If one were to pull random people off the street and ask them their opinion on television, it probably wouldn’t take long before one of them offered up the oft-repeated bon mot that “we’re living through the Golden Age of TV.” TV’s newfound period of prestige is a lot less newfound than it may seem, however. Most millennials tend to trace the dawn of TV’s “golden age” to such programs as Breaking Bad and Mad Men, programs which are at least ten years old (and both ended in 2013 and 2015 respectively) and yet, due to their continued popularity on streaming platforms, continue to shape our perceptions of what “Great TV” should look like.
At the time of their debuts, these programs were hailed not just as revolutionary and forward-thinking works that redefined what one could do within the scale of a serialized television program, but as refreshing alternatives to the glut of uninspired and overproduced popcorn media clogging the popular television and film landscape. If one is to consider early-2000s works like The Sopranos, Deadwood, or The Wire, or such early attempts to “gritty up” the network TV drama as NYPD Blue and Hill Street Blues, or even television’s 50-year struggle to be seen as a legitimate art form, the notion of “prestige TV” starts to seem less and less exclusive to our time or our cultural moment.
One particularly notable aspect of the TV boom is that, with the rise of the prestige television drama, the concept of the auteur (filmmaker as sole author of a particular work) undertook a speedy migration from the realm of the popular cinema to the realm of television. Thus were the Francis Coppolas and Jonathan Demmes of yesteryear replaced in the popular imagination by the Aaron Sorkin and Vince Gilligans of today. One such TV auteur, Matthew Weiner, as the chief brain behind Mad Men, recently made his return to the executive producer’s chair with the Amazon original series The Romanoffs. Weiner’s new program, which revolves around a cast of eight people who believe themselves to be descendants of the titular Russian dynasty, was much anticipated upon its release but has been getting surprisingly mixed reviews. Despite the royal subject matter of his newest show, Weiner hasn’t exactly gotten a king’s welcome from the critical gatekeepers of prestige TV.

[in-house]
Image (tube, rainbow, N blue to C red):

In her article “‘The Romanoffs,’ ‘Camping,’ and the Problem with Second Acts,” television critic emeritus Emily Nussbaum of The New Yorker dissed Weiner’s Romanoffs as “troubled by the same impostor syndrome that it seeks to explore, like a pencil sketch overwhelmed by a gold frame.” James Poniewozik of “The New York Times” concurred: in his review, he describes the self-contained, episodic morality plays that make up The Romanoffs “ornate but ponderous creations, a shelf-busting set of Fabergé ostrich eggs.” Both Nussbaum and Poniewozik leavened their criticisms of Weiner’s portentousness with a general appreciation of his ambition and mise-en-scene, and both of their views on The Romanoffs skewed more towards “interesting but flawed” than “this is a complete and total failure.”
But it’s telling that both Nussbaum and Poniewozik’s criticisms revolve around the emptiness/ineffectiveness of the show’s actual themes as opposed to the lavishness of its production value. Part of what necessarily defines a “prestigious” work of art – in any form – is its proximity to the bourgeoisie, be they patrons, producers, consumers, etc. And it doesn’t get much more bourgeoisie than a multi-part “rich people problems” show bankrolled by one of the richest companies in the entire world. Yet, for all the prestige that Weiner’s name carries in the TV-sphere, he has created a work that by and large hasn’t connected with the critics – the very folks who have historically defined what is and isn’t prestige TV.
In considering prestige TV as a whole, the frosty critical reception to The Romanoffs might be more significant than it initially seems. One might spy a similar parallel in the downfall of the New Hollywood movement of the 1970s, for which Michael Cimino and his million-dollar flop of a Western, Heaven’s Gate, is generally blamed. Heaven’s Gate was panned for being formally ostentatious but ultimately empty and overlong, and its massive financial failure led to a mass curtailing on just how much freedom major movie studios gave their directors. The Romanoffs won’t likely end up being the Heaven’s Gate of its time, but how much longer can it be until the prestige TV bubble bursts?